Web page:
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, 361 (1), 27-33

A Reduction in Selective Immune Pressure During the Course of Chronic Hepatitis C Correlates With Diminished Biochemical Evidence of Hepatic Inflammation

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A Reduction in Selective Immune Pressure During the Course of Chronic Hepatitis C Correlates With Diminished Biochemical Evidence of Hepatic Inflammation

Kousuke Hanada et al. Virology.

Abstract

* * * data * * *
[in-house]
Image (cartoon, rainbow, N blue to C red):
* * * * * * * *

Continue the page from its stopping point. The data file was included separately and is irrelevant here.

It is considered that selection pressure exerted by the host immune response during early HCV infection might influence the outcome of that infection particularly as it relates to persistence or clearance of the agent. However, it is unclear whether positive selection pressure plays a role in determining the severity of hepatitis C during the course of persistent HCV infection. To address the evolutionary mechanism by which HCV escapes from the host immune response and to assess the relationship between viral evolution and hepatic inflammation, we determined 57 sequences (3-5 serial samples per patient) from 5 individuals with persistent HCV infection of genotype 1a who were under long-term follow-up ranging from 15.6 to 21.6 years. We applied a novel method to estimate serial alternations of selective pressure against the HCV enveloped region and compared this to fluctuation in transaminase level over time. Positive selection pressure was reduced over time postinfection, as evidenced by a reduction in nonsynonymous substitutions in the later phase of infection. Furthermore, serum transaminase, as a measure of inflammatory necrosis of hepatocytes, was reduced in parallel with decreased positive selection pressure. These results suggest that during persistent HCV infection, the virus faces diminished immune pressure over time, either from mutation to an immune resistant sequence or from immunologic exhaustion, and that this diminished immune attack is reflected in diminished inflammatory activity. This observation may be applicable to other viruses characterized by a slow rate of disease progression.

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